The scores:

93 wines tasted

Exceptional – 2
Outstanding – 3
Highly Recommended – 25
Recommended – 38
Commended – 10
Fair – 11
Poor – 0
Faulty – 4

The judges:

Melanie Brown; Bob Campbell MW; Cameron Douglas MS


Click here to view the full results of the New Zealand Sauvignon Blanc Panel Tasting


Marlborough was responsible for 61 of the 93 wines submitted to the tasting, and Mel Brown said that regardless of the numbers, it outshone every other region.

‘It was exciting to see the quality is still there, which is ultimately what a lot of people question: whether Marlborough can retain that strength and reputation.’

Speaking as a merchant, she said it was very hard to highlight regionality to consumers in the UK, where the concept of differing styles was less evident to those used to drinking the Marlborough ‘brand’.

Bob Campbell MW said the strength of the ‘Marlborough mothership’ was uniformity of style. ‘The risk of branching into sub-regional styles in Marlborough is that you move away from that uniformity.’

Cameron Douglas MS said because Marlborough was such a strong category, it was understandable its winemakers wouldn’t want to make radical changes to a winning formula.

‘Some wines we tasted showed you could push the boundaries a little bit, but not too much. Power and pungency have to ring true, but if you’re going to use wild ferments, skin contact, oak and lees stirring, make sure there’s balance.’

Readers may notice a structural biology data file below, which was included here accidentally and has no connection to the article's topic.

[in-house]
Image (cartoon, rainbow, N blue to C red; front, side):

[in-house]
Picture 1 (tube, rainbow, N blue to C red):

Continue reading below


New Zealand Sauvignon Blanc Panel Tasting top scorers:


To read Decanter’s full Panel Tasting reports, subscribe to Decanter magazine – available in print and digital.


Sub-regionality

Wines from a single sub-region can achieve a narrower band of flavours and a stronger statement of style. An increasing number of Marlborough Sauvignon Blanc are being labelled as sub-regional wines (Awatere Valley, Wairau Valley and Southern Valleys), adding diversity particularly at the upper end of the market.

Oak

The number of wines with an oak influence is now growing. If a small proportion of the blend, say 10%, is barrel fermented and matured, it can add richness without compromising the wine’s intense varietal aroma. Wines with overtly oaky characters, such as Cloudy Bay’s Te Koko, are a small but growing subset.

Labelling

Brown’s big criticism for wines that deviated from the norm was when producers did not indicate on the label if they were barrel fermented or oak aged, which would help adventurous consumers while also avoiding surprises for traditional drinkers.

Branching out

Looking at the other regions, Douglas said Wairarapa and particularly Martinborough ‘showed a strong voice’, while both Hawke’s Bay and Central Otago were under-represented but had some ‘great wines to discover’. Brown felt the Nelson wines lacked vibrancy and those from North Canterbury ‘did not have the acidity and authentic nature I’d hoped for’.

Ageability

Our experts said New Zealand Sauvignon Blanc had the ability to age very well – even though that might not have been expressed in this tasting, with most wines from 2016 and 2015 – and said they would happily cellar wines for between six and 10 years from the vintage.

Edited for Decanter.com by James Button.


This article originally appeared in Decanter magazine’s August 2017 issue.


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The post Premium New Zealand Sauvignon Blanc – panel tasting results appeared first on Decanter.